Mozambique ex-rebels attack after tearing up 1992 peace deal

Mozambique ex-rebels attack after tearing up 1992 peace deal
This file picture taken on November 8, 2012 in the Gorongosa's mountains shows fighters of former Mozambican rebel movement "Renamo" receiving military training. Mozambique ex-rebel group Renamo has declared on October 21, 2013 the end of a peace deal signed 21 years ago after the army seized its military base. A spokesman for Renamo, Mozambique's main opposition party, accused the army of trying to kill the group's president Afonso Dhlakama, and said the deal that ended the country's 16-year civil war was over.

MAPUTO - Mozambican ex-rebel group Renamo staged a pre-dawn attack on a police station Tuesday after declaring the end of a two-decade-old peace deal that ended one of Africa's worst civil wars, officials and locals said.

Police fled their post in the central town of Maringue when Renamo fighters opened fire in an escalation of hostilities between the ex-rebels and Frelimo, the ruling party against which Renamo fought a bloody 16-year war that ended in 1992.

"Gunmen attacked the police station but fortunately there were no casualties because the policemen fled the post," Maringue's administrator Antonio Absalao told AFP by phone.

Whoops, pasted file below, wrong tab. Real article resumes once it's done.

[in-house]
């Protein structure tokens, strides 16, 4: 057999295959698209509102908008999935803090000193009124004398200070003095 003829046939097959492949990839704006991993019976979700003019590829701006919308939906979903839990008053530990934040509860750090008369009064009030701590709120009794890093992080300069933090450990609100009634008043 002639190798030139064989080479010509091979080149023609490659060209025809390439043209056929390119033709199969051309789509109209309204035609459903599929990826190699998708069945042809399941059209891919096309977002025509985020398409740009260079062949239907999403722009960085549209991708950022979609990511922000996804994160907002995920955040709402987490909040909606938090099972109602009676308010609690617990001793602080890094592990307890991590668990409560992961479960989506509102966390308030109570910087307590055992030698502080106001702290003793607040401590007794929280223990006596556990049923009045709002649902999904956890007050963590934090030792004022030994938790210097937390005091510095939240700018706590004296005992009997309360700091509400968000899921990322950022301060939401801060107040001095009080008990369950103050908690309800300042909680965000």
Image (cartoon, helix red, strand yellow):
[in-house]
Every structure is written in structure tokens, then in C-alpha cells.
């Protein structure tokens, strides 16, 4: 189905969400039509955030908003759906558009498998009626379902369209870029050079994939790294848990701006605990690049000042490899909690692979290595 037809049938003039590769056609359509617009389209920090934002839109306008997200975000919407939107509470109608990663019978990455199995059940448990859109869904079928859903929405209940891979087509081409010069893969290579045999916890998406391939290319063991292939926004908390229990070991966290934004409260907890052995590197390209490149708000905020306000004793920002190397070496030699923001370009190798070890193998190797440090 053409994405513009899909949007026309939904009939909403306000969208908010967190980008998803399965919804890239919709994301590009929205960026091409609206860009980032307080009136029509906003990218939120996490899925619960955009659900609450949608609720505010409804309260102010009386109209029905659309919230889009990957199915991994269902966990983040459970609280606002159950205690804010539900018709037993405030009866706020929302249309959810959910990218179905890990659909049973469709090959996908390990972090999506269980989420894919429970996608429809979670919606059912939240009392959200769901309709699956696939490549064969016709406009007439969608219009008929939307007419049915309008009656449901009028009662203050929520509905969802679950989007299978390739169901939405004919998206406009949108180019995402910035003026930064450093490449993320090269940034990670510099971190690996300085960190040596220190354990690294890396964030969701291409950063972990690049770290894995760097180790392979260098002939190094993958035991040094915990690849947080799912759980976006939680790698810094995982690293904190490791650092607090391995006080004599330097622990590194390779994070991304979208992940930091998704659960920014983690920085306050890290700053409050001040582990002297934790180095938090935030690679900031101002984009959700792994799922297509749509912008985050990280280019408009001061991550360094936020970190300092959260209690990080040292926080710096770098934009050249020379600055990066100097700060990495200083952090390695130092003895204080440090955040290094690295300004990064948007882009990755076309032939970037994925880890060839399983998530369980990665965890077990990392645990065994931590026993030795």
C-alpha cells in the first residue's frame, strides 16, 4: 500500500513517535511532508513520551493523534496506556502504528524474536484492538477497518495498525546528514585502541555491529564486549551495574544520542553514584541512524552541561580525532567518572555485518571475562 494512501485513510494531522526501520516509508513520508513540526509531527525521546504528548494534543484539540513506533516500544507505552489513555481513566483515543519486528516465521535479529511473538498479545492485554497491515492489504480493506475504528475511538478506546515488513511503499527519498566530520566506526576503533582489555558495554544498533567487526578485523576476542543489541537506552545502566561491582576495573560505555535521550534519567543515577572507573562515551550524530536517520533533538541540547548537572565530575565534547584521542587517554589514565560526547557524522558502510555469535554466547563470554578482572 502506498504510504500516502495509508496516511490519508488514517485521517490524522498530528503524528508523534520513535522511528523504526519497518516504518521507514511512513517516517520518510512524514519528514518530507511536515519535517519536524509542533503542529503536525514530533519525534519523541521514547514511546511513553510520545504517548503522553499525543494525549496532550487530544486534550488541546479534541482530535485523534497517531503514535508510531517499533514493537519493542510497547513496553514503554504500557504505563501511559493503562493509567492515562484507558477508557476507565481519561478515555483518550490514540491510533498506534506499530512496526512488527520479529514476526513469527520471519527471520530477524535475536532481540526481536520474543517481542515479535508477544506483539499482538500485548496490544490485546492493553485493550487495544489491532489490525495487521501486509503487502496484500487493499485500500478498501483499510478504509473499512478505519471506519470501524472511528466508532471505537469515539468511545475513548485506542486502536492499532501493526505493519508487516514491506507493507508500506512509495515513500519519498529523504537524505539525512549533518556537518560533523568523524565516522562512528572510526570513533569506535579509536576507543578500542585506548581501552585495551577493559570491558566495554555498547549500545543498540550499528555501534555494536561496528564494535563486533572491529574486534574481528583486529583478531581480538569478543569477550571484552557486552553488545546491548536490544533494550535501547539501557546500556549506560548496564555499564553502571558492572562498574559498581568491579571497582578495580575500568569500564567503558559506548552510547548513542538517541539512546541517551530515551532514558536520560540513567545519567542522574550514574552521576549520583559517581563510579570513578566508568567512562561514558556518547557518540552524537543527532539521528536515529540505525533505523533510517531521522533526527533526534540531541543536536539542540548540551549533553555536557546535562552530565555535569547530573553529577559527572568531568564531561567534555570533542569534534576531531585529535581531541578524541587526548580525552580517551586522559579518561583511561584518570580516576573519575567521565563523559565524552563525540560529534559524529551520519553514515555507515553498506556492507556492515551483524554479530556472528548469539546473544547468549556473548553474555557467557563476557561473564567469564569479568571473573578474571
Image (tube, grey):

The town is located about 35 kilometres (20 miles) from Renamo's military base, which government troops seized on Monday in an operation the ex-rebels claimed was aimed at killing their leader, Afonso Dhlakama.

"The situation is horrible here. Early this morning, armed men supposed to be Renamo attacked, and it was a mess," said Romao Martins, a Maringue teacher.

"For one hour shooting could be heard from all directions and people fled from their homes," he said.

Schools have been shut amid fears of an escalation in violence.

The United States said it "profoundly deplores" the resumption of violence, urging both parties to take "decisive steps to calm tensions".

"We will welcome public declarations of representatives calling for peaceful solutions," the US embassy in Maputo added in a statement.

A spokesman for Renamo - the Mozambique National Resistance, which became a political party with a parliamentary minority after the civil war - hinted that the group was responsible for Tuesday's attack.

"The president of Renamo has lost control of the situation and you cannot blame... (him) for what happens from here on," Fernando Mazanga told AFP.

"The guerrillas are scattered and will attack without taking any orders," he said.

Renamo, which took up arms against the then-communist government of Frelimo - the Mozambique Liberation Front - after independence from Portugal in 1975, declared Monday that it had pulled out of the peace agreement that ended the civil war.

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